There just wasn’t enough time to bring 9-year-old Emma Baker-Winkler’s dream to fruition.
She had pictured her father, Bruce Winkler, being gifted a new pickup truck on the occasion of his 37th birthday on Aug. 20.
With maybe a week’s notice, not enough money was raised, although three donations of $100 each came in.
Emma hopes a car dealership could sponsor and gift the truck to her dad, who drives her from their home in Athena to Portland (456 miles round trip) two to three times per month to connect her with treatments for her second bout of acute lymphoblastic leukemia.
“Emma … worked hard all week to try to get her dad this special birthday present,” said Winkler’s girlfriend, Shellie Schoonover, the day before Winkler’s birthday. On the big day, they treated Winkler to a nice dinner and special cake.
“The truck might have the logos of the businesses involved because as much as Bruce drives, it will be seen by many,” Schoonover said of the imagined gift.
With access to a reliable working vehicle, “Emma’s battle through chemotherapy treatment for the next two years will be more comfortable, and Bruce’s spirits will be lifted to a level he hasn’t reached since Emma and her mom were both diagnosed with leukemia seven years ago,” Schoonover said.
The family had been dealt a tremendous double blow. Bruce’s fiancee, Tyna Baker, was already fighting another relapse with cancer when Emma was first diagnosed with acute lymphoblastic leukemia at age 3.
Then, “Emma was life flighted to Portland from St. Mary (Medical Center) on Nov. 16, 2021, when we found out she had relapsed,” Schoonover said.
Family friend Morgan Matteson posted on Feb. 9 on Facebook, that “Finances are tight for sweet Emma and her father Bruce Winkler. I know that when I went through my tough cancer year, it made the world of a difference to have a team of individuals who would wear their shirts and then send me pictures.”
“I knew I was being prayed for and thought of,” Matteson said. “I know this would make the world of a difference to Emma and Bruce as well. Emma has a long road of treatments, and medical appointments. I’m told that she has 36 months of treatment ahead.”
Matteson, who is executive director/PATH international instructor at Dream Catcher Therapeutic Riding Center where Emma rides horses in Pendleton, has been selling Team Emma T-shirts and sweatshirts since early February to help raise funds for her treatment.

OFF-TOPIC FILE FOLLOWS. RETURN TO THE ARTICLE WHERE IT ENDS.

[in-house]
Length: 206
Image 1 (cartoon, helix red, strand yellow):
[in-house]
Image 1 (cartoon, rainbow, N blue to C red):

KATU News on Oct. 24, 2016, ran a story about Emma and Tyna, the latter who faced her first leukemia diagnosis at age 13. After a long remission, the cancer returned in 2016 when Tyna was 26.
“Baker’s worst fear was that the family history of leukemia would find its way to Emma. Earlier this year, the adorable, little blond girl (then 3) was diagnosed.”
“Suddenly, Bruce Winkler had to cope with both his fiancé and daughter battling the same disease,” KATU reported.
“I never thought in my wildest dreams I’d be going through this,” said Winkler. “One of them is one thing, but both of them is unbearable, really.”
Even then their car was on its last legs, and the cost of fuel was almost prohibitive.
KATU reported, “Little Emma still faces years of harsh treatment, but Baker and Winkler say her doctors are optimistic about her eventual outcome.”
The doctors at OHSU told Baker they could do nothing more for her, and she died Dec. 18, 2016.
These days, Bruce “isn’t able to work much at all because he takes care of Emma. He had established a small business here in Walla Walla just before everything happened in 2016. He was a partner in the business Glassography,” Schoonover said.
Winkler has deep roots in Eastern Oregon. He is from Athena and Pendleton. His great-grandparents farmed in Athena on Tubbs Ranch, and an uncle farms out of Adams as owner of Berk Davis Ranch/B.L. Davis Ranches.
Emma, who will be a fourth-grader this fall, attended Athena Elementary before the COVID-19 pandemic and her relapse. Her mom graduated from Helix High School, and her dad attended Pendleton High School until late in his senior year. He finished his diploma at Blue Mountain Community College that year.
Emma and Bruce live with his mother, Debi Winkler, and grandma, Genie “Wilma” Trout, who Emma calls “GG.”
Winkler is driving a Toyota Tacoma with 350,000 miles on it. “It’s on its last leg. It’s loud on the highway. The passenger window doesn’t roll down. There is a small backseat that we squeeze a car seat for Ember, my 2-year-old, plus two more of us in the back. There are only four seat belts and five of us. There are minor repairs needed often. The frame is in bad condition,” Schoonover said.
She sold her Toyota Tundra soon after Emma relapsed to pay for trips to Portland during the first phase of treatment. “I would take my Honda Accord, but I sold it last month to pay bills. It was falling apart anyway,” she said.
Winkler takes on lawn care jobs when he can fit them in his caregiving schedule, Schoonover said.
She said Emma is doing well and is in remission, although treatment two to three times per month is required in Portland at Randall Children’s Hospital.
“We still have a long road ahead with a treatment end-date being Nov. 19, 2023. Treatments include dozens of spinal taps or lumbar punctures. Many rounds of IV chemotherapy and steroids as well as daily oral chemotherapy and more are prescribed,” she said.
In fact, Emma returned to Portland as recently as Aug. 23 for another round of chemo. The family left Athena at 4 a.m. to make their 9 a.m. appointment, Schoonover said. She is doing OK, Schoonover added, after they returned home on Aug. 26. They’ll be back in Portland for more chemo in two weeks.
“We are grateful for everyone who has been supportive along this journey,” she said.